As many companies cut dividends during lockdown, investors are looking elsewhere for income. These trusts could offer a better yield in a difficult market
Trust in the market: finding income during a crisis
All of us have been bruised by the markets in this pandemic period, but for income investors the blow has hit particularly hard. Companies across the market cap spectrum have suddenly and unexpectedly cut their dividends. This trend culminated in the first dividend cut by Royal Dutch Shell – the UK’s largest dividend payer – since World War Two.
The financial industry has responded to this crisis by pointing income investors in a bewildering array of directions. From investing in risky “junk bonds” to looking to highly alternative income streams, these suggestions are not without merit.
However, investment trusts are more suited to an income crisis than most funds. With their unique structure allowing them to produce dividends in a variety of ways, many offer a stable source of yield in a period when yield is anything but. Here, we discuss a few of the options available to investors in the current market.
International Biotechnology Trust – paying income from capital
IBT has paid a dividend since 2016, when its shareholders voted for it to become part of the trust’s investment policy. It has committed to paying 4% of NAV each year in a dividend, which, unusually, it pays from capital. This means that the trust is not dependent at all on its own dividend income for generating a dividend for its shareholders.
This is particularly important in IBT’s case as the companies in the sectors it invests in – biotechnology and healthcare – do not traditionally lean toward paying dividends. Yet, if the last few months have shone a light on anything, it is the vital importance of these sectors to our functioning as a society.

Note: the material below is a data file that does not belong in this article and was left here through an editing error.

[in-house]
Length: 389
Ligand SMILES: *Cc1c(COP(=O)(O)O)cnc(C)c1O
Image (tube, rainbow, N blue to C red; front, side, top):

Naturally, this has prompted something of an uplift among biotechnology company valuations. However, this trend is no flash in the pan. With ageing populations the world over, the need for medical interventions increases year‐on‐year. IBT’s manager, Dr Carl Harald Janson, and his expert team apply their specialist knowledge to identify the companies that are meeting this need most dynamically – or that look set to do so in the future.
This expertise has proved useful. Over five years, the trust has outperformed the AIC Biotechnology and Healthcare sector by almost 8%.
Alliance Trust – paying income from revenue reserves
A final unique function of the investment trust structure is trust’s ability to keep aside a proportion of previous year’s income to cover future dividend payments. This enables trusts to boost their dividends in periods when those dividends come under pressure, like now.
ATST is one of the AIC’s ‘dividend heroes’, having increased its dividend consistently for 53 years. The board is keen to maintain this track record, and has a strong level of revenue reserves on which to call, should revenues from the trust’s investments fall, as they are likely to do in the current period.
In fact, we calculated in January that the trust had 2.38x its historic dividend, plenty to weather a stormy year or two.
In 2017 the trust was radically overhauled by its board, which had resulted in some reduction in its revenue income even before the crisis. However, it means instead that investors are experiencing strong, stable capital growth, meaning that trust is a promising option for those looking for a degree of growth and income.
Greencoat UK Wind – alternative assets with a strong income stream
Reassuringly for income investors, UKW’s main objectives are to pay a high dividend to shareholders that is linked to inflation (RPI), and to preserve capital in real terms. The trust paid a dividend of 6.94p for 2019 and has a target for 2020 of 7.1p per share, representing a 2.3% increase in line with RPI for December 2019.
It generates this through a portfolio of institutional‐quality wind farm assets. Crucially, these assets – and their incomes – are supported by highly favourable government policy, with the pressure to combat climate change over the long term undimmed by events even as significant as a pandemic. Retail investors are able to comfortably access these assets through investment trust structures, as trusts’ public listing and fixed capital bases do not risk liquidity should an investor need to redeem their capital. The trust is the largest in this space, and with that has come several benefits of scale – including a declining OCF as it has become larger.
These views are those of the author alone and do not necessarily reflect the view of The Share Centre, its officers and employees